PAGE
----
BALTIMORE CITY ARCHIVES
(Baltimore Emergency Relief Commission / Citizens Emergency Relief Committee)
In early 1931 W. Frank Roberts, President of the Baltimore Chamber of Commerce, called a meeting to discuss the growing unemployment crisis in the city and the unavailablity of funds to relieve this problem. The meeting was attended by the mayor, police commissioner, and representatives of the state government, the Community Fund of Baltimore, the Red Cross, the Associated Jewish Charities, and the Bureau of Catholic Charities. An executive committee was established for raising funds, to coordinate the activities of the various charity agencies, and to be responsible for the disbursement of funds. Under the title of the Citizens Emergency Relief Committee, this body functioned in an advisory and coordinating manner with the traditional charity organizations.
By September 1933 it was evident that the private agenicies were no longer equipped to deal with the deteriorating unemployment situation, and the Baltimore Emergency Relief Commission was formed, although the Citizens Emergency Relief Commission remained in existence. BERC administered the distribution of federal funds under the Federal Emergency Relief Administration and was a subsidy of the Maryland Emergency Relief Administration.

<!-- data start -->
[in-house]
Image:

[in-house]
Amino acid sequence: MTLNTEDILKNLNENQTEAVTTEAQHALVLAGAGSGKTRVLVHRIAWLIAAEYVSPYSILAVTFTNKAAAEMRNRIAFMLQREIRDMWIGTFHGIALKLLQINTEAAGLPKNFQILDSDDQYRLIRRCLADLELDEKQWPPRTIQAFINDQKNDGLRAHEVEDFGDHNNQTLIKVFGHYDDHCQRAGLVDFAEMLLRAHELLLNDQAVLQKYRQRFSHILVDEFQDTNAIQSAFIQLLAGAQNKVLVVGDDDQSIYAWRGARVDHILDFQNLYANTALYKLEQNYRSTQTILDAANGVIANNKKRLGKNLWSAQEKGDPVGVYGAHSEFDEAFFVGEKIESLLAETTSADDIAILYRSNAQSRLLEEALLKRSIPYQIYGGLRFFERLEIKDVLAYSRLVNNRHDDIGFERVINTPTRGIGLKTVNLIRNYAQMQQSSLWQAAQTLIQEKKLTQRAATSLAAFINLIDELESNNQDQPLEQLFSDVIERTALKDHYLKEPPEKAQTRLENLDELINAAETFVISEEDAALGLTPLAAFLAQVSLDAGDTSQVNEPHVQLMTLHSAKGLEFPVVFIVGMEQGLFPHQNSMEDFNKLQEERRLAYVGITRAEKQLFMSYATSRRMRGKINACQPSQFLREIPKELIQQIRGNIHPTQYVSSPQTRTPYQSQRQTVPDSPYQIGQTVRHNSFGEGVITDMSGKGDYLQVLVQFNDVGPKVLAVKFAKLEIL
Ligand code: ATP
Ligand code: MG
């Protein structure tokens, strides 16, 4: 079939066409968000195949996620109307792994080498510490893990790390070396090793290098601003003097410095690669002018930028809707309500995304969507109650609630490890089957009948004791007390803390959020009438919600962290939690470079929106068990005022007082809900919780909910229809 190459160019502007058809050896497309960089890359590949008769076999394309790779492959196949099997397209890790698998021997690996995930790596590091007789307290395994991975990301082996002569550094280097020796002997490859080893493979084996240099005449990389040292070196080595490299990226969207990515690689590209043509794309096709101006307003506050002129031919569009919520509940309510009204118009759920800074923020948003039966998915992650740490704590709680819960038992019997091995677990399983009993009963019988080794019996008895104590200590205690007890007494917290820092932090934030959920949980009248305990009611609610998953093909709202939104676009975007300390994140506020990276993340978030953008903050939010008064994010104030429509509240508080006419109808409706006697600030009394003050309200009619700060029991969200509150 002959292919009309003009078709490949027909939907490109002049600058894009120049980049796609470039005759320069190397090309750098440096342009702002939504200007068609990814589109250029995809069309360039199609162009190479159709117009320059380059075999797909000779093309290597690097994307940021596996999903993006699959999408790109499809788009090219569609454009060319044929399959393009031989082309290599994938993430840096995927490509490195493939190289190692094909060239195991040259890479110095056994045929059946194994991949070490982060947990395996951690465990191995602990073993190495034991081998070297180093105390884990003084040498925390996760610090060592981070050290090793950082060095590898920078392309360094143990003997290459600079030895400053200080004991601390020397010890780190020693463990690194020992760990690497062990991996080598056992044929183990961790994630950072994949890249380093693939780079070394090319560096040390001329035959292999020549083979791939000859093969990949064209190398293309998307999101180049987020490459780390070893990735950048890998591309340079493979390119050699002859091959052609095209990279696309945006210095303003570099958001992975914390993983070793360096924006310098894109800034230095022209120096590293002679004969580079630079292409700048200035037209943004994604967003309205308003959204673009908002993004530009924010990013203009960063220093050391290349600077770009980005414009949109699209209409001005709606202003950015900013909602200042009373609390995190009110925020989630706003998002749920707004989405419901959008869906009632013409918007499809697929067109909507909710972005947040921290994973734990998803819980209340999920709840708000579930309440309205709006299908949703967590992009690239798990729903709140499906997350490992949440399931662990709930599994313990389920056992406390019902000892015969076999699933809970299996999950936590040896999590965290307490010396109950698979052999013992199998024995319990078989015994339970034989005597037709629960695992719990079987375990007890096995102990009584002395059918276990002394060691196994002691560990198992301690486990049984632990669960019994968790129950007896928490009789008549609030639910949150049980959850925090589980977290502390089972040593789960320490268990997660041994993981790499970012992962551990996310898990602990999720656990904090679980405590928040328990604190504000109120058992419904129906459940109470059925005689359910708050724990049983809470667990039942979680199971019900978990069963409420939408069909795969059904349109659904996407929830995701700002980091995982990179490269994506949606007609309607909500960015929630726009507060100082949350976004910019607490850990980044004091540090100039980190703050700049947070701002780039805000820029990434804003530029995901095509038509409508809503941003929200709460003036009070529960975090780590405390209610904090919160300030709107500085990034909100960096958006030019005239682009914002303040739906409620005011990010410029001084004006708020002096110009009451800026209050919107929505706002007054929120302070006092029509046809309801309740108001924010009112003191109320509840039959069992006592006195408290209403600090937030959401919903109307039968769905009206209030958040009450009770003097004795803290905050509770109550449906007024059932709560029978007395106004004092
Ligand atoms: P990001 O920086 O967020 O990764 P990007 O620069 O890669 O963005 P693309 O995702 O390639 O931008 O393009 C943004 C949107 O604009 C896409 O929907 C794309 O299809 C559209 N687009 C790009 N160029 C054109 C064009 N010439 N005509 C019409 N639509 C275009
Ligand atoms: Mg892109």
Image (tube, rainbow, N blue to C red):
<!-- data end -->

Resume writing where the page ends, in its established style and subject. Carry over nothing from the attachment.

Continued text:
The Baltimore Emergency Relief Commission was ended in October 1936 because of the discontinuance of federal funds and the failure of the state to meet the financial deficiency. Much of its work was taken over by the new Works Progress Administration. The Citizens Emergency Relief Commission remained in existence until at least 1941, coordinating the activities of the various charity organizations.